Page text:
Little Indigo Museum: A Look into the Life of Hiroyuki Shindo

Nestled in the hills of Kyoto prefecture lies the village of Miyama, known mostly for its traditional thatched roof buildings and also for being the home of Hiroyuki Shindo and his prodigious work with indigo. Equal parts gallery, workshop, and residence, the Little Indigo Museum is more than meets the eye. 

Miyama. Photo by shindo-shindigo.com
Entrance of the little Indigo Museum
Hiroyuki Shindo. Photo by James Fyfe

With the gallery tucked away on the second floor, your first look into the museum is the hub of action itself — the workshop. The smell of fermenting indigo leaves wafts around you as you step around the blue-black vats integrated into the floor, move around homemade fabric pressers, duck under drying pieces hanging from the ceiling. Everything about the space reminds you that it’s more than a simple workshop, but also a home for the living tradition of Shindo’s craft. Even after over 30 years as his residence, the space still bubbles with life. 

The workshop. Photo by James Fyfe

Head upstairs and you are greeted with several of Shindo’s works. With many of his pieces traveling as part of larger exhibits hosted by world-class museums, it’s a real treat to be able to enjoy the pieces he has kept for himself in his own personal gallery.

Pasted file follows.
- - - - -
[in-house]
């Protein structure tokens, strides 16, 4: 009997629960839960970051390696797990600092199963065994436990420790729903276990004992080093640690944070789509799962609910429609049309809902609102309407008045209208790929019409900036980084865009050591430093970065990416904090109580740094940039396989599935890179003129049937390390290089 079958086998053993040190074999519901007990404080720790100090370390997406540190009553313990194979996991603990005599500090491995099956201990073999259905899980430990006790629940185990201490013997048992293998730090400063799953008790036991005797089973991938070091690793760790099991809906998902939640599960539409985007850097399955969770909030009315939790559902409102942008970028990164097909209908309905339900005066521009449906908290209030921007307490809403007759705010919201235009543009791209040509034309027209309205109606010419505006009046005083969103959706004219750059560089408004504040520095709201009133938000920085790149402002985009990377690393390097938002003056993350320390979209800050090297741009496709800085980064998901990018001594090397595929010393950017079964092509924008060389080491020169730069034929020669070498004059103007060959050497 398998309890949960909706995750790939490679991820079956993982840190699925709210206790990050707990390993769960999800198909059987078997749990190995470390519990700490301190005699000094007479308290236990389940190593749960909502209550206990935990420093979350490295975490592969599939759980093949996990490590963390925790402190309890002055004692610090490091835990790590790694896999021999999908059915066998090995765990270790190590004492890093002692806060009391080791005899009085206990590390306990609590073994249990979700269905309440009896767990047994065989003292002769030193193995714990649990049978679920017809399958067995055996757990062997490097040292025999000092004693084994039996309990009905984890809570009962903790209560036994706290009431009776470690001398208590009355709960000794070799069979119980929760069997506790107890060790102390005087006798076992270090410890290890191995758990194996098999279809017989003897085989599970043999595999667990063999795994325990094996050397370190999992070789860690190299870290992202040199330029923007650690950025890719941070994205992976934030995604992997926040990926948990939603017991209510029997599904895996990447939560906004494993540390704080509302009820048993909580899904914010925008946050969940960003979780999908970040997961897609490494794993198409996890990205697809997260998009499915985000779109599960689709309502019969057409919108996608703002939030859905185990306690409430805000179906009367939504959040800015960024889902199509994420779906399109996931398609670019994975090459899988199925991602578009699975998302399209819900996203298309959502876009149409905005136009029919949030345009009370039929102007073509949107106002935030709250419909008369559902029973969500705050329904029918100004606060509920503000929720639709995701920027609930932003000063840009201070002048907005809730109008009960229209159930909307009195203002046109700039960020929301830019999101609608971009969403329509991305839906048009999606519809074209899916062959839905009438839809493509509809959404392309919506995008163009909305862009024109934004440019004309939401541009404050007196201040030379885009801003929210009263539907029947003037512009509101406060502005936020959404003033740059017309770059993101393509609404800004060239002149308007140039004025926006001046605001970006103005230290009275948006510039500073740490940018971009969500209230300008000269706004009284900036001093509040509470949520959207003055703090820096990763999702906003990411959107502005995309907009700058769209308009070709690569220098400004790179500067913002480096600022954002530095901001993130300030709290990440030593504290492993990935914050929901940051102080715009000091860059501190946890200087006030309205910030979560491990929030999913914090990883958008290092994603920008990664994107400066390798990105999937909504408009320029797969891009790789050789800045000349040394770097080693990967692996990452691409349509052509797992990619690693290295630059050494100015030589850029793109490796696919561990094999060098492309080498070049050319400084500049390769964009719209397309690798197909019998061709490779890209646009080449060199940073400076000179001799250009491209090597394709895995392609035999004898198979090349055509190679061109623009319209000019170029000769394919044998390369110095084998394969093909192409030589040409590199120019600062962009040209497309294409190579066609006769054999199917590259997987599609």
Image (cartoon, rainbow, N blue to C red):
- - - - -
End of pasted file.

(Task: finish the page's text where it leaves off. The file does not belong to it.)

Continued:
Shindo’s work on display. Photo by shindo-shindigo.com

Not only do you get to view his own work, Shindo has also thoughtfully displayed work by other non-Japanese artists — a nod to the global phenomenon that is indigo dyeing. This personal collection has been eclectically curated throughout his life — acquired through bartering, fished out of flea markets, or simply given to him over the years. 

The museum displaying indigo work from around the world. Photo by shindo-shindigo.com
Photo by toothpicnations.co.uk

Entry is only 300 yen (a mere $2.75 USD), but getting to Miyama will prove the more costly endeavor. Even from the bustling metropolis of Kyoto, you will need to take at least one train and a bus (re: several hours of travel) to get there. Additionally, check the hours of operation ahead of time. The Little Indigo Museum isn’t open during the winter months and isn’t open every day of the week normally, either. 

Don’t let the logistics stop you, though. As you walk into the museum and converse with the man Hiroyuki Shindo himself,  you are challenged to question how you incorporate craft into your own life; how you live your art; how you allow your work to shape your legacy. The birth of that question, alone, is worth the entire effort.

You can find more info on their official site shindo-shindigo.com which is available in both Japanese and English.

Little Indigo Museum
Gallery hours: 10am – 5pm
Closed on Thursday and Friday (open on national holidays)
December 1st to March 31th

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